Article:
Although I'm not surprised that Susie went into nursing, if I had to predict a priori, I would not always be correct.
But the more you know about Susie, the more likely you would be to predict correctly, and if you knew Susie really well, and you knew she had an aversion to blood, you might be very surprised. And if you were, you'd go looking for an explanation for why she went into nursing that made sense to you, given everything else you know about Susie. The more you know about a person, the better you'll be able to predict what they'll do, and the more you'll demand a sensible explanation for what they do when they surprise you. But we don't regard the people we know best as less free than the ones we know least, in fact, we usually regard them as the most free, precisely because what they're doing makes sense to us.
And that is an error.
You can learn a lot about a system by looking at the errors it throws. And coming to understand why it throws those errors can help you understand what it's doing when it's not throwing errors. Neuroscientists and research psychologists don't study brain disorders and mental illness just to find cures for them, after all, though that is an important reason.
That is not what it means to me. Otherwise, dice would be "free". While QM does introduce randomness, that is not the source of freedom from ones self, since that randomness would be as inescapable as the rails.
Metaphysically, if the randomness of the dice is indeed sourced in the quantum indeterminacy of its constituent particles and is not merely an artifact of a lack of knowledge of all the states of those particles and the particles in its local environment, then those dice are free. This doesn't mean they're free wills
. They didn't make a choice of what number to land on, because there was no representation of alternatives made to those dice beforehand. And regardless, it is irrelevant, because it remains possible that global variables can eliminate the indeterminacy. The mass, shape, velocity, rotation, rigidity, viscosity, charge, and so forth of the dice, the air, and the landing table may not be enough to determine beforehand how the dice will land, but the overall distribution and character of matter/energy in the rest of the universe might well be.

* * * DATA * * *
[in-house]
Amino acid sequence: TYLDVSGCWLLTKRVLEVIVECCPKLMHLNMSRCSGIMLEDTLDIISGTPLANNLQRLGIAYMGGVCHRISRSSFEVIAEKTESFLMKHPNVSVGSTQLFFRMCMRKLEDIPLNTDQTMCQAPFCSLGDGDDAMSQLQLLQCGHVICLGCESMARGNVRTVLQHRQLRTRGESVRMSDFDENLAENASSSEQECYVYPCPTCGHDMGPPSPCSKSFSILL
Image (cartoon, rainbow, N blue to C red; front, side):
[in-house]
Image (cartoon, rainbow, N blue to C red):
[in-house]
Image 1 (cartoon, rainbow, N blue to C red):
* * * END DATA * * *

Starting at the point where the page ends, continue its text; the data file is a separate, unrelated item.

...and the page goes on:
Well put. (I take it you mean "appearance" in the sense of existence, as opposed to the sense of presentation.) But what is that self? Look closely enough and its on rails (or dice, which are equally inescapable). But step further back so you can't see the rails, and for a sufficiently complex system, the paradigm of "free will" becomes useful.
Actually, no, I don't mean that the appearance of options means that those options are both really possible. I mean that the system under consideration represents those options to itself as both possible alternatives. Options appear real at a local level that may be entirely illusory at a global level. Your insistence that a "free will" not operate "on rails" suggests to me that you don't think it should follow rules. On the contrary, a free will does follow rules. It follows rules it crafts and approves of itself.
What do you mean here? I'm afraid I couldn't really follow the next paragraph. You seem to be saying that an "internal representation" is what is necessary for a choice to be free.
Internal representation is necessary for the appearance of choice. Alternative futures, even if they are really possible, do not (yet) exist. In order for an alternative to be selected, it has to be represented. For the selection to be free, the principle of selection must be determined by the self. But the self is itself a unified composite representation. In order to be free, the individual has to be able to make a special kind of representation that plays an active role in the process of representing.
I think we are saying something similar, but where you say "local" I would say "high" (as in highly abstracted) and where you say "global" I would say "low" (as in atoms and molecules, or bits and bytes).
Almost exactly the opposite. These are nested sets. Global is the set of all sets, local is any subset of that set. If free will is anything at all, it is a process of determination. It makes things one way or another. Physics tells us that local systems are insufficient for determining everything that happens, in order to determine things, a global variable is needed. Psychologists can evaluate a person and give us a (rough) prediction for the various ways an individual might behave, but the variables they include in their model are insufficient to determine this particular individual's future course of action, even though they can lay out all the alternatives, and even rate their likeliness fairly well. As with particle physics, they do very well with predicting masses of people acting. But something is determining the behavior of the particular individuals, and that this something is global is shown by the predictability of the masses of behavior. Move up the scale, and the unpredictability/indeterminacy of the behavior appears to disappear. The "self" is a global variable held within the representational apparatus of the individual. It is determined by the innate representational mechanisms of the individual and the interaction of that individual with its environment, especially including other social members of its environment. As it is so determined, it in turn modifies, adds to, and rejects the innate representational mechanisms of the individual. In this way, the self is present in the individual, globally determined, and self-determined.